Harry was a 9 lb Schipperke that came to us to foster.  Harry would hide in the tall grass and was difficult to get inside- well, he had lived outside for most of his life but he was ten and he needed to be taken care of a little better.  My husband and I would find ourselves sorting through the tall grass and under pine trees on our slightly less than a 1/2 acre lot, looking for the little guy.  He didn't answer to his name, he didn't know he had a name.  He didn't understand a lot of things like eating out of a bowl, or that water bowls were that and not pools!  Forget getting picked up-no way- who would want to hug me? 

 Gradually, over a period of time with consistent persistence we won him over to at least following the rest of the pack.  Eight months after he arrived, on Christmas Eve, I was in the kitchen cooking when I felt a very light touch on the back of my leg -  I ignored it.  With several dogs in the house, I am always getting nudged. It was repeated a few moments later and then again, someone was persistent!! I looked down and there was Harry, THIS WAS THE FIRST TIME HE HAD INITIATED CONTACT WITH ME!!  He looked up and did a bouncy step as if to say Merry Christmas Mom!  I sat down and cried.

Those touches have become a lot more frequent, he loves a good belly rub and has developed a Harry happy dance!  Recently he has begun to ask to be picked up and sits on mom or dad's lap for a good half hour at a time - the amazing power of love and security!! 

Harry lived to the ripe old age of 15 before he began to suffer the symptoms of doggie dementia.  He had never left our home.  It was a beautiful spring day when our vet came to our home.  Harry was with his family and friends when the time came for him to cross the Rainbow Bridge which he did in my arms.  Thank you Harry.

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 Dirt Devil

Many of you had the pleasure of meeting Dirt Devil, one of Midwest Schipperke Rescue's lifers, at the St. Louis Schipperke Specialties.  Big D came to me in 2005 at age 12, a very small male that had not sold at the dog auction in Missouri that weekend. If the rescue group had not taken him he would have been disposed of as he no longer could breed bitches.  He was thin, had lower canines that pointed east and west, and, as we found out, had been beaten so severely that the vertebrae in his neck had been crushed.  He was not able to lift his head past the level of his shoulders and before we got the swelling under control was in excruciating pain.  From that time on he could only be fed or watered with raised bowls as he could not lower his head easily to eat or drink.
He was also one of those dogs who had obviously lived in an environment where he got no positive human interaction and had emotionally shut down.  He was vacant, he froze in place or crouched when I went to pick him up or handle him in any way.  He had dead eyes, the loving dog he might have been was tucked away in a place a human would have to earn the right to visit.   With all this and at his age he was a lifer rescue and would spend the rest of his days with Tom and I in our home with our own dogs and the various other rescues that come through here.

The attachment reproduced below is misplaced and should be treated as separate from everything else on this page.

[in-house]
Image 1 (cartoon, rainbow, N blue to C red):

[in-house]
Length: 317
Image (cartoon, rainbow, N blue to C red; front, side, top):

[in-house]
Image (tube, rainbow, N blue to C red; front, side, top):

After two years of care, good food and constant handling, he would finally be relaxed enough to "help" me pick him up by giving a little hop when he felt my hands near him.  The day he turned to me and bumped his nose to my face on purpose was a milestone.  It was the first time he had voluntarily looked into my eyes and made the first move at contact.  The next bump involved a small lick, an act which he only repeated a few more times in his time with me.  It was the best he could do.
In the five years he was with us I watched this little dog go from an empty shell of a dog to a full fledged schipperke.  While he never played with toys, he would wear his belly band (I never could housebreak him) in the house and prance around, always looking into a cabinet or box to see what was there.  He finally would allow me to lift him to the couch and sit for petting or grooming without going back into vacant mode and just enduring whatever the human wanted this time.
He had a weird bark, sort of like a bull elk bordering on a screech owl which meant it was time for dinner.....NOW.  As he aged he lost most of his sight and hearing but until the last two days never lost his appetite.  He needed a lot of care these past few months as I tried to control his pain and compensate for his loss of teeth.  He loved his Pedigree choice cuts and I was feeding him three times a day to keep weight on his aging body.  He became incontinent and we had to change his bedding 4-5 times a day.
Friends who would watch him  if both Tom and I were out of town always had the scares of their lives.  He would sleep so soundly and with his being almost fully deaf, everyone thought he was dead every morning!  You had to shake him to wake him up, he could sleep through all the dogs barking, crates shaking and food bowls banging.  But he kept on going year after year.